Museum lecture series: Events that changed history

HERALD file photo/ Lectures take place at Noon; next topic: The Black Death on May 14
Anna Gutierrez
Staff Writer

Staff Writer
These past few weeks, the lectures held at the Heritage Museum Tuesdays at noon have been very interesting. Two recent topics covered Jesus and Muhammad. Whether or not you’re a religious person, there is no denying their teachings changed the world.
Judea was strategically positioned but notoriously difficult to govern. Although it had been under Roman domination, it was not annexed until Augustus agreed in 6 A.D. when a group from Judea went before him to request to be formally admitted into the Roman Empire. At that time, Augustus ordered a census to be carried out. All citizens of Judea were required to return to their towns of birth to register for the census. That is where the story of Joseph and Mary begins ... one with which we are all familiar.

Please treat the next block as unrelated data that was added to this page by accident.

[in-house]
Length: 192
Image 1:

In the Spring of 36 A.D. is when Jesus was brought to trial before Pontius Pilate, the governor of Judea. Jesus was being charged with blasphemy by his own people of Jerusalem. Pilate initially refused to execute Jesus for blasphemy, but relented when the Sanhedrin of rabbis, and the mob, called for Jesus to be put to death. A roman soldier who witnessed the courage of Jesus on the cross was the first to proclaim Jesus as the Son of God.
Muhammad was born centuries later, in the year 570 into a well-known family. He became involved in the caravan trade and was fairly successful. During his travels, he learned of monotheistic religions and was attracted to the idea of devotion to one true God.
Muhammad had a vision of the angel Gabriel, who told Muhammad he had been chosen by God to be a prophet and would have the final truth revealed to him. Muhammad was to spread this message and began to speak of what Gabriel had revealed to him.

For the complete story, see Monday's edition of the Big Spring Herald.